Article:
Nick Sabetti: A look at how MLS clubs manage teen phenoms today

In the early days of MLS young talents with national team promise were celebrated as the next coming. Youth national team stars like Freddy Adu and Landon Donovan earned lucrative sponsorship deals while they were still teenagers, and the media spotlight shone on them early and often—in Adu’s case, even before he had played a professional game.

But things are a lot different these days when it comes to young players who show a glimmer of star quality.

Take Ballou Jean-Yves Tabla, for example (pictured above). The 18-year-old, who was born in the Ivory Coast but grew up in Montreal, is already staking his claim as a starter with the Montreal Impact in MLS, causing defenders all sorts of problems with his speed and dribbling.

But while opposing teams send players to double-team Tabla on the field, head coach Mauro Biello is surrounding him with veteran players ready to give him advice about how to improve off it. And as Tabla continues to make headlines for brilliant displays, he will only speak to the media about once every two weeks as the Impact ensure they are careful and deliberate with his development. 

“There are different pressures,” Biello said. “There’s a lot of pressure here for a young player and this is the first time that he’s facing pressures like that and so we need to shelter him from those types of pressures and in the end it will be up to him to learn and grow through experience. Eventually it will help him in his career.”

Laying down the law

Vancouver Whitecaps’ coach Carl Robinson takes a similar protective stance with his young players, especially when it comes to Alphonso Davies (above). A dynamic winger, the 16-year-old already has three goals in cup competitions. To keep him hungry and prevent any emotional wear, Robinson likes to rotate him in and out of matches.

Off the field, he reminds Davies that he “doesn’t want any nonsense.” He’s encouraged to spend time with his friends, but it’s not without a curfew. If he wants to play for the senior team, there’s a diet he needs to follow and school homework to complete.

Robinson acknowledges the importance of media exposure, but he also sees its dangers and has put restrictions in place. The Whitecaps receive interview requests almost every day for Davies, but, like Tabla, he speaks just once every two weeks.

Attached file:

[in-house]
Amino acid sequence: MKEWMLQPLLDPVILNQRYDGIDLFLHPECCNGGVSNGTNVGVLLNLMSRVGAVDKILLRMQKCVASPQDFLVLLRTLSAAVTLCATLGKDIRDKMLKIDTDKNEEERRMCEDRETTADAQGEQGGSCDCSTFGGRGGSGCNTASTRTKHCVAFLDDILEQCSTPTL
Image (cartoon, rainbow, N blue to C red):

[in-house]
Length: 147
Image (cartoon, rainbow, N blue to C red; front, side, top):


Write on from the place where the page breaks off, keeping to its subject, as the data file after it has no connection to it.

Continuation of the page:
“The media are great but they do like to build players up to knock them down,” Robinson said. “And for players that have never been in that situation, who are unable to know what it means, what it takes, and deal with it, it’s very hard. So that’s why I try and protect the boy.”

Though MLS clubs are obliged to make their players available to the media, there is leeway as to the frequency; and when it comes to developing a young player, opinions differ about how much media exposure is a good thing.

A question of maturity

The New York Red Bulls are one club that’s chosen to make youth development a major part of their identity. So much so that senior players need to be willing to help with that process: to groom younger players that will eventually take their jobs.

“Or else we can’t have them here,” says coach Jesse Marsch.

But Marsch doesn’t have the same reservations as his colleagues in Montreal and Vancouver about young players being in the public eye.

“The simple answer is that we don’t worry about the media,” Marsch said. “I think that that’s part of the learning process for these players. And what’s key in general is to obviously put them in positions to succeed, but not in a way that protects them from pitfalls of being a professional.”

In the case of 18-year-old Tyler Adams, the Red Bulls’ most promising young player, who is starring for the US Under-20 national team at the FIFA U-20 World Cup, he's needed very little input from the coaching staff with respect to off-the-field matters, according to Marsch. Things were a bit different when former RBNY defender Matt Miazga came into the first team. Marsch says he spent a lot of time working with Miazga on “becoming a man.” Those efforts paid off as the center back, then just 19, became a regular starter and then a full US international before transferring to Engish club Chelsea in 2016. 

Adams has impressed Red Bulls communications staffers with his measured responses to the media, and Marsch considers the midfielder to be one of the most mature players on his roster. After replacing the weighty shoes of veteran Dax McCarty, who was traded earlier this season to Chicago, Adams already has seven starts under his belt, and he's still a few weeks away from finishing high school.

Different times

Marsch argues that the new crop of players in North America are a lot more prepared for professional soccer than they were in his own playing days, since they can now grow up watching soccer and consuming soccer media to a much greater extent than he was.

“Tyler Adams doesn’t know a world that doesn’t have MLS,” Marsch said. “He grew up watching MLS. He grew up following the media and he grew up understanding what that was going to be like. So they’re much more in tune with what that requires. If you were going to take my generation of guys, we didn’t get to see professionals very much. We didn’t get to see soccer on TV as much, we didn’t get to see interviews. Our concept of what that was was very different.”

As prepared and precocious as they might be, when it comes to young players and the limelight, Robinson, a former midfielder in the English Premier League, leans toward a cautious approach. In fact, in some cases, Robinson would prefer if reporters “stay away from them.”

“Freddy [Adu] is a perfect example here in North America of what happens every other week in England with new talents,” Robinson said. “They get given things too soon, and they don’t fill their potential. We all have a place to play in that.”